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In Defense of CEO Pay – Part 1: The CEO Pay Ratio

Monday, October 17, 2011
By Dan

CEO’s have taken a beating lately.  Some of the criticism is deserved, but the argument that CEO pay is out of line simply because public company CEOs make 300 times what the average worker does, bears some analysis.  The implication, sometimes stated outright, is that workers deserve more pay, and CEOs deserve less.  That too, is a false premise.  In Part 1, I will look at the CEO compensation ratio often cited, but rarely understood.

The CEO Pay Ratio
You may have seen this chart:

Politifact looked into the chart, and its source is a student paper from 2005, which contained no source or citation for the 475:1 ratio.  So, unless you’re the type of person to rely on the unchecked accuracy of students, it’s not a reliable source of information.

The far-left Institute for Policy Studies (IPS), in 2010, did, however, claim that the average CEO pay ratio was 325:1 (see page 2, above the cartoon).  There are few issues with the ratio:

  1. CEO Pay is inflated:  IPS says the average CEO pay they use is $10.8 million.
    1. Included in that number is the value of stock options and restricted stock, valued at grant, along with bonuses and other compensation.  In the trade, this is known as “proxy comp,” the (often over-estimated) amount of compensation a publicly traded company is required to disclose by the SEC in its annual proxy statement to shareholders.
    2. This is an overstatement because, at the time of grant, the shares are not vested (the executive may or may not actually receive them), and if the stock price goes down, they may be worthless (or worth a lot less).
    3. This is also unfair, because well run companies will intentionally tie CEO pay to stock price.  The criteria on which public company’s CEO are (rightfully) measured, is improvement in stock price, earnings and profit margin.  This translates into equity and bonus-heavy compensation.  In other words, if the board wants to keep the CEO focused on what is good for the company, they will pay less in salary (less guaranteed), and more in stock grants and year-end bonus (more incentive-based).  More on this in part 2.
    4. It is unclear whether it is included in the $10.8 million number, but proxy comp must, under SEC regulations, include fringe benefits, like retirement plans, healthcare benefits, etc.  You can argue about whether or not this is compensation, but it is not cash handed over for pay.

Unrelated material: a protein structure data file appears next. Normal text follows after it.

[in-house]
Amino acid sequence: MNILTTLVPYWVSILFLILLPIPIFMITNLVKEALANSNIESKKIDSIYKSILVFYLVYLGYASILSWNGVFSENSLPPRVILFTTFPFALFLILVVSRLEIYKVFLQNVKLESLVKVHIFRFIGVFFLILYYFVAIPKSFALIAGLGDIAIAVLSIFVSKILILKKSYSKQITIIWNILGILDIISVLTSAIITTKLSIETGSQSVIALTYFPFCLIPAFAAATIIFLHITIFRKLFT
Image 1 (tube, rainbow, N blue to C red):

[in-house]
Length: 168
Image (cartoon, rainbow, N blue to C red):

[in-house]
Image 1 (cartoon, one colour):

2. Worker Pay is understated: The IPS paper cites “average worker pay” of $33,121.
    1. Unlike with CEO pay, the “average workers pay” does not include benefits, like stock options, 401(k) contributions, medical, dental and vision insurance premiums paid by the employer, or even bonuses.  Any other compensation received by the employee is excluded.  As noted in the IPS paper (page 37, endnote 3), “worker pay” is simply an average hourly rate for “production workers” ($19 per hour) multiplied by 33.4 hours over 52 weeks.  Why 33.4 hours?  I suppose the proletariat get 90 minutes a day for lunch, and the evil cleptocrats don’t pay them for it.
    2. In contrast, according to the federal government, the average wage index (most recent year available is 2009) was $40,711.62.  That would yield a ratio of  265:1, not 325:1. Again, even this larger number does not include bonuses, retirement contributions, medical, dental or other benefits paid by the company.
  3. The CEO compensation study only looked at S&P 500 companies. There are thousands of very sizable US companies not on that list.  The S&P 500 only represents about $325 billion in earnings ($10.16T/31.3), globally (about 0.6% of global GDP) and only employs a total of 25.6 million people–globally.  (In contrast, there are over 130 million total people employed by all employers in the US alone–5 times what the S&P 500 employs globally.)  These are the largest and most powerful international public companies in the world–not a place to look for modestly compensated executives.
  4. Finally, “production workers,” the basis for the low-ball $33,121 number, are not the sort of workers employed by most S&P 500 companies.  Companies like Google, Apple, Microsoft, GE, McDonalds (the franchisor company, not the burger restaurants–there’s a difference), Visa, MasterCard, Pepsi (again, franchisor, not bottler), etc., do not employ a lot of production-line workers, much less workers paid hourly.  Most of these companies employ salaried workers in the fields of finance, sales, legal, engineering, computer technology–most are college entry level companies.  So most of these “overpaid” CEOs are not leading companies full of “production workers.”

To give a concrete example of proxy comp versus reality, the 2010 proxy statement for Google shows that, in 2009 their CFO received a (relatively modest) salary of $450,000 (see summary compensation table at page 59).  This would put him in the 10:1 range for (relatively well compensated) Google employees.  (The CEO received only $1 in direct compensation).  When you include his bonus, stock and option awards (awards that may never vest, and may be worthless when they do), he received $24.7M.  Now, no one should feel sorry for Mr. Pichette–he took home over $3 million in cash, which even after taxes, is a nice living wage.  But his “proxy comp” is inflated 12 times larger than what he actually took home.  Similarly, the evil Goldman Sachs CEO, Lloyd Blankfein had a salary of $600,000 in 2010, but his proxy comp number was over $14 million (page 29), the bulk of which is in stock awards.

In sum, the oft-cited ratio is based on false premises and comparing narrowly selected groups to inflate and understate, respectively, both sides of the equation.  It is like comparing apples to apple pies.

Tags: , ceo pay, , income inequality, , , misleading

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